Joe Hall walked out of Tom Evers' office feeling "on top of the world." A
young and relatively inexperienced development engineer with XYZ Appliance, Joe had just
been given the green light to develop an idea he had for a modular water purification
device for the home. Not only had director of New Product Development Tom Evers liked the
idea, he asked Joe to form and head a project team to develop a prototype of the device.
Joe found the task to be more challenging than he had expected. To keep costs down, Joe
had to select team members with less experience than he wanted. Because of the
inexperience of the team, some of Joe's design ideas and materials choices had to be
corrected, and he soon realized that the cost of the prototype (and the ultimate selling
price of the appliance) would be higher than he originally estimated.
However, finally the day came when the project team ran a successful series of tests on
an operating prototype. Joe set up a review and demonstration with Tom. Tom then agreed to
arrange a review with XYZ's vice president of marketing to ascertain marketing's interest
in the water purification device. Unfortunately, the meeting with marketing did not go
well. The marketing vice president interrupted Joe's presentation of product cost, saying
"I wish you guys in development would ask for marketing input before you begin
to work on a new product. I can tell you our department is not interested in any type of a
water appliance! I think you've wasted company money and created an albatross. From my
viewpoint, you can shut off the project and put your prototype 'on the shelf.' I'll get
back to you if we ever develop interest in this area but don't expect that to be
Tom instructed Joe to write a final report and consign the prototype to the development
"morgue." All team members were assigned to other projects.
Upset that his first project team leader assignment failed, Joe decided he could not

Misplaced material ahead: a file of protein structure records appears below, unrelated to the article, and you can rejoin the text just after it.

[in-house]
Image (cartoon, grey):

give up so easily. XYZ had a policy of permitting R&D employees to use 10 percent of
their time to pursue new ideas without any further authorization. So, Joe continued to
work on his project during this time.
Although Joe every intention of confining his time on the project to 10 percent, he
soon got so absorbed that he spent more and more time. He made some additional vendor
contacts to get improved materials, "conned" a friend in Electronics Research to
work on the control system and had the machine shop do some additional work on the
prototype (charging the shop time to another project of his).
Although progress on Joe's other assignments suffered, he was able to make substantial
improvements in the water purification appliance. He debated with himself about when, and
who, to confess to Tom that he had not really closed out the project. He wished that he
could somehow get market research data that would convince Tom it had been the right move
to continue on the project, and to get Tom to push for a marketing go-ahead.
Joe often discussed the project with his wife, and one day she gave him an idea about
how to get some quick market data. She had seen a food products exhibitor in a local
shopping mall get passers-by to answer questionnaires about the products displayed. Joe
arranged for members of his wife's garden club to demonstrate the water purification
appliance at the local mall and ask viewers to fill out a questionnaire determining their
interest int he appliance and the price they would pay if it were for sale. Joe was
careful not to show any XYZ identification on the prototype, particularly since he had no
authorization to remove it from the XYZ laboratory.
Despite an amateurish approach, a considerable amount of data was collected. Reviewing
the data, Joe was more convinced than ever that he had developed a marketable product and
was anxious to convince Tom of this. He was sure he could make a very persuasive argument
about the potential market, and that Tom would overlook the fact that Joe had overridden
his orders to cease work on the appliance. Joe resolved to see Tom as soon as possible.
If you were Tom, how would you respond to Joe when he makes his presentation? Does the
fact that Joe has a possible success on his hands justify what he did?